It’s common for those new to the wonders of the 2nd amendment to mix up firearm terminology. For instance, mixing up the words cartridge and bullet. A bullet is just one part of the cartridge. Other components play a significant role in the firing process.
Along with early confusion, those new might wonder exactly how a bullet propels itself out the muzzle at a speed capable of causing lethal injury.
With modern advances in bullet technology, a slower moving bullet might actually do more damage than a faster moving one. It can be a confusing process.
So how does a bullet work?
When you pull the trigger, the firing pin strikes the primer, causing it to explode. The primer then starts burning the propellant (gun powder). This flash process accumulates enough pressure and gases to detach the bullet from the cartridge and thrust it down the barrel. The barrel will spin the bullet until it leaves the muzzle.
So let’s walk through the journey of a bullet.
How Does A Weapon Fire The Bullet?
When it comes to firing a bullet, a weapon is only one part of the equation. It contains mechanisms that facilitate the whole process to the point where the bullet is discharged.
The trigger is one of the crucial components which initiate the firing process. The other components include the spring, firing pin, trap mechanism, and immediate mechanism.
Once you pull the trigger, the spring that stores the elastic energy are released, which then move to make the action fire.
The immediate mechanism helps transfer the kinetic energy from the spring to the firing pin, which then strikes the primer.
A firearm can either use a striker or a hammer to hit the firing pin. A striker is usually connected to the spring.
When the spring is released, the hammer transfers the tension to the pin, like a mallet would hit a chisel.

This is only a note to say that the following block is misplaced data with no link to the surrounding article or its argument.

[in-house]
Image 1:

Essentially, the action of pulling the trigger, makes the firing pin strike the primer of the cartridge in the chamber. At that moment the action moves on to what happens inside the ammunition you use.
The Components Of Ammunition
When people are referring to a bullet, they are usually referring to the whole cartridge.
However, a cartridge is made of three main parts; the primer, propellant, and the bullet. The primer is the section that the firing pin strikes. It contains chemicals that explode when the pin strikes it.
The propellant is usually the gunpowder, and it’s responsible for the velocity at which the bullet leaves the barrel.
The bullet is the section that leaves the barrel towards the target. It hits the target at high velocities and energies. There are different types of rounds, from jacketed ammunition, hollow-points, buckshots, wadcutter bullets, etc.
How The Bullet Works
Once the firing pin strikes the primer, it ignites it or makes it explode. The primer then ignites the propellant (gunpowder), which starts burning. As the powder (very quickly) burns, it accumulates a lot of gas and pressure, separating the bullet from the cartridge and thrusting it outside the barrel.
The gunpowder is designed to burn slowly (well, relatively slowly). If it exploded at once, it would damage the gun and even injure the user. When the bullet leaves the barrel, the gun kicks back, also known as recoil. This concept is similar to Newton’s Third Law of Motion of Action and Reaction.